One Man, One Message: If Barack Obama Is to Save His Presidency, He Must Speak Up and Persuade Americans That His Policies Are Designed to Make the Market Work for Them
Cassidy, John, New Statesman (1996)
The debt blow-up in Dubai, coming as Barack Obama and his colleagues in the White House were preparing to gobble down their Thanksgiving turkeys, provided another untimely reminder that the global financial crisis has not yet been consigned to history. Despite a resumption of economic growth, unemployment in the US is hovering above 10 per cent, and the administration is facing calls for a second stimulus package to boost job creation. Meanwhile, other elements of the president's domestic agenda, including health reform - on which Obama has staked much - a shake-up of financial regulation and proposals to tackle global warming, are mired in Congress.
According to the latest Gallup poll, the Republicans have taken a handy lead over the Democrats, and the president's personal approval rating has fallen below 50 per cent. Of recent Oval Office occupants, only Gerald Ford and Bill Clinton have had their popularity sink so rapidly. Barely a year after his historic election triumph, it is too early to write off Obama as a one-term president. Clinton's early setbacks were much more serious, and he bounced back. But the former Illinois senator faces a dangerous pincer movement: Conservative Republicans accuse him of covertly promoting "socialism" and liberal Democrats charge him with temporising and lacking a coherent philosophy. Vocal defenders of Obama's policies are thin on the ground. If the US economy enters a "double dip" recession, or even if it continues to expand modestly, but not rapidly enough to reduce unemployment, next year's midterm elections could well prove disastrous for the White House.
Inheriting an economy that was in virtual free fall, Obama was always going to face big challenges, but by failing to provide a coherent narrative for his presidency he has not helped himself. Contrary to what the critics say, his domestic agenda does reflect a consistent and far-reaching world-view - not socialism, but a moderate reformism based on the proposition that free markets sometimes fail, and that governments can fix them by employing taxes, subsidies, regulations and other policy tools. Although they haven't impressed the left, the White House's policy proposals amount to the most significant effort on the part of a Democratic president to shift the United States in a progressive direction since the 1960s.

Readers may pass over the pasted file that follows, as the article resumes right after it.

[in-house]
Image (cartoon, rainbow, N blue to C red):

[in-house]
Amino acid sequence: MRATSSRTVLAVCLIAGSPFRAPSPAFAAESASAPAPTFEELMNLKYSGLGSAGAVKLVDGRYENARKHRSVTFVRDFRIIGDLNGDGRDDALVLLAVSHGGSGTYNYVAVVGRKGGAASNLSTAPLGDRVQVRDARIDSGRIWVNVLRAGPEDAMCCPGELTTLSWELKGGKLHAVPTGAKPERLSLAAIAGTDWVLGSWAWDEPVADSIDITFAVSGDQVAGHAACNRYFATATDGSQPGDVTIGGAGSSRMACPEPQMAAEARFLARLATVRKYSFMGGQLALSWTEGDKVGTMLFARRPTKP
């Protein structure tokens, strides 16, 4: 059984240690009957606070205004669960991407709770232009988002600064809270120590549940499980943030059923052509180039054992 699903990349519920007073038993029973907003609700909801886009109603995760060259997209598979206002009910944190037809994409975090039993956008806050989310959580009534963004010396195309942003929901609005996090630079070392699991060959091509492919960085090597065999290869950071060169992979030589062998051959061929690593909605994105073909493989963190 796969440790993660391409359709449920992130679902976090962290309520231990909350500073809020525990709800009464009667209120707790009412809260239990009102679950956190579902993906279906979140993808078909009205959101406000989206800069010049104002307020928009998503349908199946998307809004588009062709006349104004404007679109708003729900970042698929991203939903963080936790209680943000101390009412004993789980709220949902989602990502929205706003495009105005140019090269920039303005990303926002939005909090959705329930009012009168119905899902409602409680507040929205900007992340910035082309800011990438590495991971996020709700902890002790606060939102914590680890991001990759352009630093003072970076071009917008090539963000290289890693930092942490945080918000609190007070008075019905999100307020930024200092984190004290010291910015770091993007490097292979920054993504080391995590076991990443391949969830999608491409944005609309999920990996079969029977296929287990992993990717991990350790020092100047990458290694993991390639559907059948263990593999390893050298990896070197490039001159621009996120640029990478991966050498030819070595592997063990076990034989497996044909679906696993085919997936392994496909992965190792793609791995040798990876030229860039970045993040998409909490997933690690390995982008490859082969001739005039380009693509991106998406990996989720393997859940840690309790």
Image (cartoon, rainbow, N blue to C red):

But rather than spelling out its reformist philosophy and seeking to elevate the policy debate into a broad discussion about where free-market economics reaches its limits, the White House is fighting each policy battle individually - presenting one set of arguments for health-care reform, another for financial regulation, and a third for the stimulus package. At times, Obama sounds like a populist critic of Wall Street and the health-care industry; at others, he resorts to bromides about the power and creativity of private enterprise. Often, this cognitive dissonance is evident in the same speech. Speaking in downtown Manhattan in September, he declared: "We will not go back to the days of reckless behaviour and unchecked excess ... at the heart of this crisis, where too many were motivated only by the appetite for quick kills and bloated bonuses." A few minutes later, he added: "I have always been a strong believer in the power of the free market. I believe that jobs are best created not by government, but by businesses and entrepreneurs willing to take a risk on a good idea ... For we know that it is the dynamism of our people that has been the source of America's progress and prosperity."
These statements are not necessarily contradictory, but the only way to render them consistent is to get into detailed arguments about why certain markets malfunction and others do not. In short, it is necessary to embrace publicly the economics of market failure, which is hardly a new concept. More than 200 years ago, Adam Smith warned about the dangers of unregulated banks and recommended strict financial regulation. …